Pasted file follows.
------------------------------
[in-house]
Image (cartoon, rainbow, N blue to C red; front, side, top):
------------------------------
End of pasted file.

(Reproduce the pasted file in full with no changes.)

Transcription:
[in-house]
Image (cartoon, rainbow, N blue to C red; front, side, top):